Thread Starter

Wildgoose99

Joined Jul 31, 2021
6
Ok I've measured with a 220 ohm resistor and the voltage across it reads 0.2V. With the multimeter in series with it the current reading is 1.4mA. That doesn't sound so good to me.
 

ericgibbs

Joined Jan 29, 2010
13,850
Hi W,
I suspected that, if you have selection of resistor values, keep increasing the value until you read 7v, that will indicate how much current you will get into your 6v battery.

E

Update:

ESP_ 649 Jul. 31 17.32.png
 
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dl324

Joined Mar 30, 2015
13,307
I've measured with a 220 ohm resistor and the voltage across it reads 0.2V. With the multimeter in series with it the current reading is 1.4mA. That doesn't sound so good to me.
Your meter is adding hundreds of ohms in series with the load resistor. You'll get a better measurement if you just use the resistor and measure the voltage drop across it. Then calculate current with Ohm's Law; I = V/R.

It's unlikely that that panel will be able to damage the battery.

I'd just use connect the solar panel to the battery with a diode to prevent the battery from discharging through the solar cells.
 

ronsimpson

Joined Oct 7, 2019
1,548
Datasheet:
Non-rechargeable AA batteries. 1 to 2.5mAH (some down to .75mAh) 1.5V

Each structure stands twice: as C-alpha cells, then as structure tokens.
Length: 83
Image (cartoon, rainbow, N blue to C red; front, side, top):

Rechargeable AA batteries. .5 to 2mAH. 1.2V
I think you should be able to get better rechargeable batteries.

Because the rechargeable batteries start out at 1.2V each the cat door may stop working before all the energy us used up.

rechargeable: If you can only get 1.4mA from the cell then we do not have to worry about over charging the batteries. But at 100mA there will be a over charge problem. With 10 day batteries you can go a week with out Sun. This might be enough.

Non-rechargeable: I have good luck recharging non-rechargeable batteries. (but you can't let them discharge all the way down) With high end batteries I take 10 to 20% of the power out of a battery and then trickle charge it back up and I get 50 cycles. I know you are told not to recharge but...... I think if you can really get 1mA to charge you should get over a year out of your 1.5 month batteries.
 

Thread Starter

Wildgoose99

Joined Jul 31, 2021
6
I think you're right about the rechargeable AA batteries only being 1.2V causing the cat flap to stop working sooner than non-rechargeable.

I stuck a 220K potentiometer across the panel and adjusted it to get a voltage reading of 7V. I then carefully disconnected it and measured the resistance as 130K. So with your ohms law equation does that make it 0.05mA?!